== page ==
CONTACT: MARY GERAGHTY
100 Old Public Library
Iowa City IA 52242
(319) 384-0011; fax (319) 384-0024
Release: Aug. 13, 1999
UI should offer training in managing workplace conflict,
IOWA CITY, Iowa The University of Iowa needs
to provide its department managers with better training in handling workplace
conflicts, according to the 13th annual report from the Office of the Ombudsperson.
For two years in a row the most frequent complaint
the office has heard from faculty and staff members has been related to "workplace
issues," said Maile Sagen, university co-ombudsperson. To address these complaints,
the ombuds office is recommending that the UI Human Resources department work
with the university ombudspersons to develop an "integrated conflict management
system" through which managers could receive training in how to diffuse conflicts
and tensions among their employees.
This initiative along with assessing the unmet needs
of UI graduate students will be focus areas for the next year in the ombuds
office, Sagen said.
During the last year, the office saw a significant
rise in the number of student contacts, primarily due to an increase in graduate
student complaints. Among the 332 new cases reported to the office in 1998-99,
106 or 32 percent had to do with graduate students. The office
also responded to 63 undergraduate cases, 52 faculty cases, 105 staff cases,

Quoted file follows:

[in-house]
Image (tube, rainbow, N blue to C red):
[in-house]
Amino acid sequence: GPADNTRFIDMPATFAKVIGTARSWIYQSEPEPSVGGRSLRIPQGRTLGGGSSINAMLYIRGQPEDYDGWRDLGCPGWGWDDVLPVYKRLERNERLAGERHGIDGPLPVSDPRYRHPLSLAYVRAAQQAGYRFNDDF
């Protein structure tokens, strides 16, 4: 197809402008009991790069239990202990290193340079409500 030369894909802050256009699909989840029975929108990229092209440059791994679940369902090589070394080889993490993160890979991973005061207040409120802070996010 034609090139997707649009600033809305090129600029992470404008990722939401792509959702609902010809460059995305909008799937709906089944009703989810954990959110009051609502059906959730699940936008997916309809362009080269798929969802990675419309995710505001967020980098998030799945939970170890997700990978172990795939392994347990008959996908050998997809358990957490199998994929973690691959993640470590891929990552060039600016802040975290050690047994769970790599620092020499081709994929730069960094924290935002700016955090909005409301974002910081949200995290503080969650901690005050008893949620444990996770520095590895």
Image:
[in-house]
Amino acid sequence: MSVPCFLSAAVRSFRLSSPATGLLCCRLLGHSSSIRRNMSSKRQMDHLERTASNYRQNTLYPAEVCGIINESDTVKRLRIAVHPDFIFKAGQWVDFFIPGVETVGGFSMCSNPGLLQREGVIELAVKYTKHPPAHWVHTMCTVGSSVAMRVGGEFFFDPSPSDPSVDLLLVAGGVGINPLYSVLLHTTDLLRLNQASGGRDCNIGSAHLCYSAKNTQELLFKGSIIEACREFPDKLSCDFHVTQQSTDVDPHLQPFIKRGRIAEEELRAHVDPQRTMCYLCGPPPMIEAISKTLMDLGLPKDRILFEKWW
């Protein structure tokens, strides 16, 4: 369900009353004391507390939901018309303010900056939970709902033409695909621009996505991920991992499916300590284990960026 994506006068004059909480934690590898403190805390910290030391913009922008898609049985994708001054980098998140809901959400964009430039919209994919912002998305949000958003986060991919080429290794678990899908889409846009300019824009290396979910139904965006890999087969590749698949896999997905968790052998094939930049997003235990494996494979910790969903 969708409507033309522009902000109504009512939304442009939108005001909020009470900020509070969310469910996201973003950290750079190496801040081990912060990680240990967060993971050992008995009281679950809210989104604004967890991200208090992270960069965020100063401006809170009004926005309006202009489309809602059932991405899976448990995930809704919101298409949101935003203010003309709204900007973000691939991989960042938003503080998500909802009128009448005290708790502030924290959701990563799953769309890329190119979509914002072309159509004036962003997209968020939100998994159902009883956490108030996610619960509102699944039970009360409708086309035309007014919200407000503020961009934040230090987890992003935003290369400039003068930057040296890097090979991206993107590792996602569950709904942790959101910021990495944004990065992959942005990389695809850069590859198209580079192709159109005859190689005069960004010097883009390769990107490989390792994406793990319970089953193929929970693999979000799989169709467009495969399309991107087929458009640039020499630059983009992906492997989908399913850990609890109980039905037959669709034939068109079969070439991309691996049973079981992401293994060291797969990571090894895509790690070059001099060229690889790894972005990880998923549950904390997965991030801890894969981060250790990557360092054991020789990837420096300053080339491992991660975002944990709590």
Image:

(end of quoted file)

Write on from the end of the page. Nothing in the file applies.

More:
and 6, who were either anonymous or outside the university. Overall, the office
handled 37 percent more student cases than in the 1997-98 academic year and
31 percent fewer staff cases than in the previous year.
Most student complaints involved academic issues,
with undergraduates primarily concerned with exams and grades and graduate
students primarily concerned about committee members and the lack of clarity
regarding their qualifying exams.
This year's report also notes that the university
needs to be more timely in responding to questions and concerns. "Many of
the complaints we hear come from people who are frustrated after running from
one office to the next looking for an answer and not receiving one," Sagen
said. "People deserve answers. They may not like the answer they get, but
they at least deserve to get a prompt response."
The report notes that some problems are more complex
and therefore may take longer to resolve, but that when this is the case an
explanation of the delay should be provided along with some indication as
to when a decision might be made. "We look to the administration for leadership
in reminding those at every level of the university of the need to increase
their responsiveness to internal concerns," the report states.
The ombuds office also reports that after spending
time in the last year assessing the needs of transfer and non-traditional
students, it found that the existing orientation programs and support services
sometimes "prove ineffective for these students, which can affect their educational
The office recommended that the Provost Office conduct
"a detailed needs assessment of transfer and non-traditional students, with
special attention to their orientation needs."
UI President Mary Sue Coleman appoints university
ombudspersons. Sagen serves as the staff ombudsperson, and Lois Cox has just
completed a two-year term as faculty ombudsperson. Bernard Sorofman, a UI
associate professor of pharmacy, has been appointed to replace Cox.
The full text of the 13th annual report is available
on the Web at http://www.uiowa.edu/~ooombuds/
or by mail from the UI Office of the Ombudsperson, C108 Seashore Hall, Iowa
City, Iowa 52242.